Old Tricks at the Chocolate Factory

oldtricksRed Metal Mailbox has created what at first appears to be a delightful confection of 1890s-style all-female vaudeville. Three talented performers dance, sing, pout, tell jokes, do tricks, and generally create the intimate atmosphere of a Parisian nightclub in the basement of an industrial building just on the edge of Long Island City. Standing outside on a warm spring night, one can see the buildings of Manhattan just across the East River. For a jaded Upper Westsider, it’s worth the trip to Queens.

Presented as part of the Chocolate Factory’s Visiting Artists Program, Old Tricks is the creation of Sarah Maxfield, Rachel Tiemann, Sarah Gancher, and Ali Harmer. Red Metal Mailbox’s mission is to create “investigative performance by linking original text with a highly physical aesthetic.” What results is an entertaining mixture of music, song, and dance, along with brief tales of both humor and pathos. The mostly twenties audience laughed with pleasure.

The evening’s gaiety starts with the performers personally leading the audience into the mildly sepulchral space, seating around 40 or so people. In a chair to one side of the performance area, a lone violinist (Sarah Gancher, who is responsible for all the music) sits and plays. The performers then step to the other side of the space to a dressing table and invisible mirror, where they prepare to go on—robing, making up, posing, pushing breasts into place over corsets, etc. It is all in good fun and part of the set-up: “we are here to entertain you” is the message. And art, in this instance, is artifice.

What follows is a “boardwalk performance” in front of a kind of stylized brain machine on the wall. The gimmick is that it can read the audience’s mind so that they will perform what we want to see. They will be sensual, do tricks, even contortions, tell jokes, and generally knock themselves out to make us happy. Much of this part of the show is physical comedy, evoking laughter. Picture the Three Stooges, but lovely young women dressed provocatively, and you get the idea.

There is a kind of intermission, with the ladies passing out boxes of really quite tasty popcorn, and little flags for us to vote on our “favorite” among them. Since no one gets up and leaves the area, it’s not exactly an intermission; or rather, it’s the staging of a staged intermission. The section which follows is a good deal darker than the first half, and is fueled by the words “the future” that the brain machine has coughed up.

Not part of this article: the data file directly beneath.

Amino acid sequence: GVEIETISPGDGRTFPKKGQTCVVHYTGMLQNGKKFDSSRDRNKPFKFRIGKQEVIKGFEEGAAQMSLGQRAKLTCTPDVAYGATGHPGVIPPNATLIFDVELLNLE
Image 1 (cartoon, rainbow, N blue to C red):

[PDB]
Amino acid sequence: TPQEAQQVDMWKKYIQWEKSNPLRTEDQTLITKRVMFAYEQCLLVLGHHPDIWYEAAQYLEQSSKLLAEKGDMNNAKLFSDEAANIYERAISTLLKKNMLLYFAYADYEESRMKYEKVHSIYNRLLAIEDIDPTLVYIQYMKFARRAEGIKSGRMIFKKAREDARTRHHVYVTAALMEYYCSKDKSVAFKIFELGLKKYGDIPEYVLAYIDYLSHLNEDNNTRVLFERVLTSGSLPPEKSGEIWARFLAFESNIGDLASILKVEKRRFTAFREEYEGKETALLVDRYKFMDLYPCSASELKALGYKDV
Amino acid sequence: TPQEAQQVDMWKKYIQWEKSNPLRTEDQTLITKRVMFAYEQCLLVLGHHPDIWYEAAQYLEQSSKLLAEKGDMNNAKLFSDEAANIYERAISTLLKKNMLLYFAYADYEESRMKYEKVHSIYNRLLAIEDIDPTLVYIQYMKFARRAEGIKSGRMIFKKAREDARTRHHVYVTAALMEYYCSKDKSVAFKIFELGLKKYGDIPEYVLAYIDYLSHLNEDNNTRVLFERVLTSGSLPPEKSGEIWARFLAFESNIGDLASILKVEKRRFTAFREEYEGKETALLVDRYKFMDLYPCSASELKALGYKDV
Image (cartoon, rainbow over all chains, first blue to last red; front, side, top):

Each of the three women then performs a solo piece, with the longest first, a monologue by Flora (who has earlier shown herself as a clown-like drinker, the life of the party, both playful and needy). Her monologue is the quite brilliant and moving story of the “little oyster girl,” obviously a version of herself, pursued by inner and outer demons, driving her to a sad demise. The actress, Rachel Tiemann, gives a stunning performance. She is followed by Daisy (played by Ali Harmer), who does a dance sequence that takes a similar path towards an unhappy conclusion. Her body simply starts to run out of muscle and steam; her earlier flirtatiousness and coy vanity turn to pathos, and she is reduced, finally, to simply sitting on the floor.

Last is Pearl (who has been the saucy intelligent troupe member, witty, wry, and well-embodied by Sarah Maxfield). She starts to sing, but feels something in her throat, something is wrong—pins, pins and needles, nails and ropes, what she soon labels “all the anguish,” and like a Beckett character, she falls into silence. So now the three members of the little troupe are separate and alone.

This is not, however, the final moment. Rather, the three together again ask us once more to “pick your favorite.” When Flora is chosen, the machine tells her, “Congratulations, you may unveil.” When she stands on a small wooden table to do this, shedding corset, skirt, bloomers, top, it proves a humiliating strip tease. Flora looks frightened and confused; the other two women quickly redress her. This theatrical moment reveals the potential pain of nudity, the extremely vulnerability of the naked body.

Old Tricks ends with a song thanking the audience for coming, with the remark, “we tried to please you,” which raises the question of what this evening is about. I would say it is about “performance” and about being female. It suggests, certainly in the post-intermission material, that performance has the potential to be draining for those who do it, leading in “the future” to an emptiness, a downhill slide, an anguished self-awareness of loss of prowess and youth. Of course we know that clowns are basically sad, and that ladies who disrobe in public often harbor huge hostility for their audience. So is Old Tricks trying to tell us that if we truly unveil, we may find the scorpion under the rock, the death’s head under the pretty face, the sadness of Marilyn Monroe, Sylvia Plath, or Billie Holiday? Perhaps. Or perhaps they just wanted to please us. - Victoria Sullivan

OLD TRICKS is playing through May 13, 2006. The Chocolate Factory is located at 5-49 49th Avenue in Long Island City, and is having its annual Benefit Party on June 7.

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Ms. Sullivan is a poet and playwright who lives in Manhattan and has a little cabin outside of Woodstock, NY. When not brooding or laughing, she is generally traveling, writing, or staring at the trees.

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